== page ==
Earliest trauma systems analyses were limited to seriously injured patients treated in trauma centers who constitute only 15–20% of the population of injured patients treated in the hospitals of a nation. From the end of last century there was a call for trauma systems to be inclusive. Inclusive trauma systems intend to benefit all injured patients requiring hospital treatment and the benefit should start in the pre-hospital care, should continue during hospital care and should conclude with the phase of recovery and rehabilitation . The wide scope of an expected benefit to all the population in terms of decreased preventable deaths suggests the need of studies based on representative samples of all patients in a region. Population-based studies include data derived from all injured patients of a country, those who die before hospital arrival, those hospitalized in trauma centers and non-trauma centers and those treated in rehabilitation centers. These studies use representative databases such as death certificates, police reports data, state registry of fatalities after motor vehicle collisions, hospital discharge data with injuries identified by International Classification of Diseases, Ninth Edition, Clinical Modification (ICD-9-CM). These databases differ from trauma registries in several ways. Trauma registries contain greater detailed information but this is offset by the limitation of including only most serious patients treated at trauma centers and only after the implementation of trauma systems. On the contrary, population based data have been recorded for years, contain readily available, alphanumerical-coded information and allow low-cost analyses.
For example, in table 3 the incidence rate of trauma deaths in Italy during 2002 calculated from death certificates (which are required by law for all decedents) is summarized. All national deaths due to intended or unintended injury are included and these numbers may be easily used for epidemiologic studies comparing regions with and without implemented trauma systems or periods before and after system implementation. Trauma death in Italy has an incidence rate 35.3 × 100,000 inhabitants/year (total: 20,332). Hospital trauma deaths from discharge registry (table 4) are 17.1 × 100,000 (total: 9,871): therefore, more than 50% of trauma deaths in Italy occur before hospital arrival. Trauma death incidence rate in the San Diego County, which has a mature trauma system, is 24.0 × 100,000 inhabitants/year and pre-hospital deaths are 40.5%. It is possible to emphasize that more than 10 × 100,000 inhabitants of Italian trauma deaths could be prevented especially during pre-hospital care with the implementation of an organized trauma system.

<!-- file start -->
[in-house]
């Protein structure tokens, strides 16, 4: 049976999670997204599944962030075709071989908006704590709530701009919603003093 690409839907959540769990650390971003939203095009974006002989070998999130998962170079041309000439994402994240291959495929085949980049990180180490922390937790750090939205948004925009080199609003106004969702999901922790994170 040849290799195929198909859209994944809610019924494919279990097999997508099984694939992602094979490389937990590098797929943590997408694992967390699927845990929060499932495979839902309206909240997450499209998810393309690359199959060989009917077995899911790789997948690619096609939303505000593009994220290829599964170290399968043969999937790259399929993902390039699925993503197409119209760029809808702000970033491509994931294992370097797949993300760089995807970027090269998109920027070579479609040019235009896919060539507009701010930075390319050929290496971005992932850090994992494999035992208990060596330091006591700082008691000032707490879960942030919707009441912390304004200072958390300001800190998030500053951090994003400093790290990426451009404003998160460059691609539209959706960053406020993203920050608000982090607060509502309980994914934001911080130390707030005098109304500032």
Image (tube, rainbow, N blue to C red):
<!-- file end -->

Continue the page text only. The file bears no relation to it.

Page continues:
Bias associated with the use of existing databases are those derived from using data which have been recorded for alternate purposes. In hospitals discharge databases only five or six injuries and procedures are coded and sequenced using ICD-9-CM, to provide maximal payment in the Disease-Related Groups model. Stratification of severity of injury may be accomplished by conversion of ICD-9-CM codes into Abbreviated Injury Scale codes, using appropriate conversion programs.
Because of these limitations all these studies are classified as providing "high end" Class III evidence. However, owing to the large sample size and the almost complete sample capture, population-based studies provide the strongest evidence regarding the effects of trauma systems and trauma centers on patient outcomes. Magnitude of benefit after trauma system implementation is an approximately 15% to 20% reduction in preventable trauma deaths, especially among patients with more serious injuries[29–34]. Recently , using hospital discharge registries of 69 hospitals of United States, it has been confirmed that risk of death for severe trauma is significantly lower when care is provided in a trauma center than in a non-trauma center.
Trauma care is a serious, ubiquitous, and expensive health care problem for our society. Nowadays, funding for trauma is still low, especially in some European countries, when compared with other fields of medical research. A death following a traumatic event, as a car accident or a fall at work, is often perceived by population as an unavoidable fatality. Preventable death studies, using panel reviews, registry comparisons, or population-based registries, have uniformly and clearly demonstrated a significant decline in PDR after implementation of trauma systems organized on a regional base. Because of bias of various methodologies none of these researches has provided class I or class II evidence in support of trauma systems. But we should not apologize: preventable death studies are the best available methodology that we have in this field: they have been useful to create the collective conscience how to learn from our mistakes and have given impulse to the development of many organized trauma systems.